Chart of the day

Chait’s fabulous post on Paul Ryan’s inability to actually grapple with inequality as it actually exists in America (as opposed to in his Ayn Rand-ian alternate universe) is well worth extended excerpts here.  And maybe I will.  For now, though, this chart he links to really gets to the heart of the matter:

In short: the low-testing rich kids are just as likely to graduate from college as high-testing poor kids.   That’s just a depressing indictment of the role of wealth in America.

 

 

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Unintended consequences of re-defining personhood

So, in its effort to completely eliminate abortion (and even some popular forms of birth control), Mississippi has its citizens voting on an amendment to define legal personhood as beginning at conception.  Slate editor David Plotz responds with a rather interesting list of questions that would seem to follow from such a re-definition.  Some of my favorites:

1. If you are legal person at fertilization, does that mean you could drink at 20 years and three months? Could you drive at 15 and three months? Could you vote at age 17, and collect Social Security at 64?

3. Could you get a tax deduction for your dependent embryo?

5. Could you arrest women for smoking or drinking while pregnant? Could the state file a child abuse case against a mother who didn’t wear a seatbelt or otherwise endangered her fetus?

6. Would you be an American citizen if you were conceived in Mississippi but born elsewhere? Could there be “anchor babies” whose parents come to the United States, have sex, and then return home to Mexico for their baby’s birth?

8. What about freezing fertilized embryos? Would that be allowed? And why? If you’re freezing an embryo indefinitely, isn’t that effectively imprisoning it? We don’t freeze people.

11. If a woman eats food contaminated by Listeria and miscarries, could the agribusiness be prosecuted for murder?

13. How would it affect the census?

Most all of these are actually genuine issues that could be legally raised if personhood was so re-defined.  Even if you are opposed to legal abortion, this strikes me as a solution that creates far more problems than it solves.   And, while this might pass Constitutional muster with Mississippi voters, I seriously doubt it would do so with the slightly higher Constitutional standards of the US Supreme Court (in part, for the intractable issues raised here by Plotz).

Cainmentum rolls on

John Dickerson makes the case that Hermann Cain really can/does present a real long-term threat to Romney.  Not a bad argument, I so want it to be true, but I just don’t think it is.  Here’s the crux:

Cain is no longer flavor of the week—he’s a regular menu item…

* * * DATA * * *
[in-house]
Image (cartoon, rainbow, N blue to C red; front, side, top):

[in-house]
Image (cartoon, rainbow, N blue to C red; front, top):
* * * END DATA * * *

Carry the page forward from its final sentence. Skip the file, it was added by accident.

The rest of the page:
What allows Cain to sustain? (Besides easy rhymes?) He’s not from Washington. It comes up time and again in conversations with his supporters. Polls show his strength is with Tea Party voters who are the most anti-Washington in the electorate…

That’s all charming, but with a party so determined to beat President Obama, and with such good chances to do so, can this Cain flirtation blossom into something real? Won’t people start to focus on electability and turn to Romney? The answer (at least as Cain’s people see it): Electability may not be the liability the political elites might think. And actually, the political elites don’t think Cain has an electability problem: 74 percent ofRepublican insiders in a recent Huffington Post poll think Cain can beat Obama…

Perhaps the thickest part of the cushion for Cain is that his conservative voters don’t have anywhere else to go. Michele Bachmann was eclipsed by Perry. That isn’t going to happen to Cain. There aren’t any eclipsing figures left.

I do like this conclusion:

The really exciting thing about the Cain campaign is that while on the one hand he is defying gravity, the candidate and his staff are constantly ordering in more anvils. Cain is running to replace a president who was criticized for having no experience, but Cain himself practically brags about how little knowledge he has with the issues of the day, saying he’ll rely on advisers and smart people. As the clock ticks toward the start of the voting season Cain will spend this Friday and Saturday in the electorally meaningless Alabama. In keeping with the “The More Unconventional the Better” theme, the campaign put out a video of the campaign chief of staff Mark Block making a pitch for Cain while enjoying a cigarette and blowing the smoke into the camera. It was like nothing anyone had ever seen before. Sort of like the Cain campaign.  [emphasis mine]

Does history suggest Cain will crash, Icarus-like, to earth.  Indeed.  Yet, there’s a reason we have the word unprecedented.  Cain’s genuine success would, in fact, be unprecedented.  But so would a Black president virtually nobody had heard of 5 years before his election.  Sure, more often than not history and our knowledge of how politics works is a very useful guide.  But not always.  That’s part of the fun of politics.  Herman Cain is fun right now.  As a Democrat, I hope he stays that way– because there’s no way he beats Obama.

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